Or that it will be declared a national emergency, and government will bail out newspapers with some non-profit status or exemption. (Side note – those who express the most fear that Big Business will be running the media in my future scenario seem to have no problem with Big Government running it, and I am willing to wager they’ll change their minds on the next shift of party dominance.)
It’s not the Media Implosion that is the factor, it is the speed of the implosion. From a corporate perspective, we’re seeing a major contraction in “earned media,” which has always had a key place in establishing external credibility for messaging and impact. In the future, Earned Media will also be counting blogs and social buzz. And if the tools are available for anyone to publish to the rest of the world, why shouldn’t the company?
I believe there are others who balk at my vision because they fear a world of pure sponsorship – that somehow the embedded journalists would be on the take as extended spin machines. The fact is that reporters who (used to) work beats often end up adopting the framing and the mindset of the industries they cover. They write to meet the expectation that they will deliver from a baseline of neutrality, but it’s hard to be neutral when you see companies up close. When you meet the people, when you’re privy to their real motives and concerns, you can’t help but be somewhat sympathetic.
So if there is a direct financial arrangement that is transparent and open, wouldn’t you as an Embedded Journalist be even more concerned about being even-handed?
The Embedded Journalist will write for the company, helping it tell its many stories in a manner that consumers expect from journalism. They want narrative, and context, and insight and prose. They want knowledge – sometimes ephemeral and sometimes timeless.
The difference is that with fewer people working in traditional newsrooms, the roles will be more clearly defined.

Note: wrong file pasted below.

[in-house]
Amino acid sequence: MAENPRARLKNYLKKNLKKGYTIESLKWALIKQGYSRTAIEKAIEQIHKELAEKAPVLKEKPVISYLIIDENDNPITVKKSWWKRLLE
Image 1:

The editors of the future will be more aggregators and arbiters. They won’t have as much time to dig, but will instead assess and vet. Those Embedded Content Providers who show a knack for writing in the proper style won’t be favored unless they are also credible. Like an Ombudsman, your Embedded Journalist won’t be as valuable if you torch his reputation with a big fat whopper of a lie.
Is this perfect? Heck no. But the same technology that accelerated this disruption will empower organizations to publish their own perspective, straight to the public. That was the goal of the Red Cross social media efforts during disasters – using available platforms to share the great stories that otherwise were left on cutting room floors. For-profit companies, even those not shielded by a glow of noble purpose, can enhance their credibility by talking straight – and straight to – the people.
What these businesses have lacked is the trained corps of writers and storytellers that can produce in compelling and fast ways. No disrespect to those who have labored in-house throughout corporate America, but you have very rarely been asked to turn the daily miracles that news demands, so you don’t have the track record to prove you can. Also, the sheer volume of work to be done demands hiring more people to do it.
So – take a need for better corporate communication, add in a large pool of unemployed and skittish journalists, and shake it up with a rapid implosion that leaves no time for a clear successor to Big-J Journalism.
What you get is the Embedded Reporter model. Which isn’t perfect, and probably isn’t what it will be called forever. But the ingredients are there, and the recipe is in motion.